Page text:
The award-winning book was widely donated to schools and libraries, with one crowdfunding campaign placing a copy in every Scottish school.
Last year Hertfordshire’s Folk by the Oak festival commissioned Spell Songs as a companion work, assembling a distinguished eightsome of musicians – Karine Polwart, Julie Fowlis, Rachel Newton, Kris Drever, Seckou Keita, Kerry Andrew, Beth Porter and Jim Molyneux – to craft new songs, inspired by the book, occasionally lifting words straight from the page but more often engaging in inspired borrowing and adapting, with the enthusiastic blessing of Macfarlane and Morris.
Now The Lost Words: Spell Songs has been published by Folk by the Oak as a handsome hardback book and CD package, launched at the festival last weekend, with a concert at the Royal Albert Hall Proms next month and Scottish concerts planned for the spring.
The music is frequently as beguiling as the accompanying book, the latter replete with photographs and Morris’s illustrations.
Listen to the swaying lilt of the opening Heartwood, for instance, with Karine Polwart singing to bright flurries of Newton’s harp and Keita’s west-African kora, Kris Drever’s plaintive Little Astronaut evoking the rise and parachute-swoop of the lark, the languid nocturne of Kerry Andrew’s Ghost Owl, or a mellifluous duet in Gaelic and Mandinka from Fowlis and Keita.
“It’s been a rich resource to respond to,” says Polwart, who has well established environmentalist credentials of her own through work such as her acclaimed theatre piece, Wind Resistance, inspired by Fala Moss near her Pathhead home. “There’s lots of space in it to conjure music and freedom from Robert and Jackie to do what we like.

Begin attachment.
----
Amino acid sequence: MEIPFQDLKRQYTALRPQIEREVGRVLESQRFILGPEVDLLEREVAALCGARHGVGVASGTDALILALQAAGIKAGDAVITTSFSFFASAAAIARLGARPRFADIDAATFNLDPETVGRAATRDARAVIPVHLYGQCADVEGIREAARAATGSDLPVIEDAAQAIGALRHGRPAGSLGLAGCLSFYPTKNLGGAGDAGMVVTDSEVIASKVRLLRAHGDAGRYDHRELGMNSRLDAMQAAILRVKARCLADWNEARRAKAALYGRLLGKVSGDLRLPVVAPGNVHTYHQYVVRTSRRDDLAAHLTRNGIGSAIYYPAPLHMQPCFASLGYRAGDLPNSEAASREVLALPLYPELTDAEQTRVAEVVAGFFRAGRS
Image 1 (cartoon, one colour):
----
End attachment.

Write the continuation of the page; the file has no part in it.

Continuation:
“There’s been a lot of creativity as to how the words get used,” she adds, “an element of fishing for lines that work as riffs and hooks, fishing for stanzas that work as choruses.”
This bestiary is, inevitably, confined to English nomenclature: there are no peewits or whaups or gille Brighdes (as the Gaels call oystercatchers). Polwart, however, reckons that there is scope for much more: “Jackie is Welsh and she feels very strongly that there is scope for a Welsh language response. There are lots of layers to the whole idea of Lost Words.”
She points to Snow Hare, which she developed with Fowlis and which has an old, balladic feel to it. “It’s been amazing working with Julie, because one of the things that structured Snow Hare was looking at maps, Julie remembering the last place she’d seen mountain hares in Perthshire and noticing that loads of the hill names, in Gaelic, tell you what lives there.”
Macfarlane has described The Lost Words as “an act of creative dissent, and beautiful protest, against the loss of everyday nature and its common names,” and there is inevitably an elegiac element to these songs but also a clarion call, epitomised by Lost Words Blessing, conceived by Polwart, mindful of the Gaelic blessings found in Carmina Gadelica.
She agrees that it’s something of a benison – or blessing – for the times in which we live: “With all the stuff about the environment and loss of habitat and endangered species, I’m kind of terrified for my children,” she says.
“The Blessing comes from that place – that fine line between despair and hope – which I think we’re on right now.
“A lot of these songs are profoundly sad, but in a way that folk music has always been great at – conjuring elegy in a manner that’s also enlivening. I think the album we’ve made takes exactly that line.” - Jim Gilchrist
For further details see www.folkbytheoak.com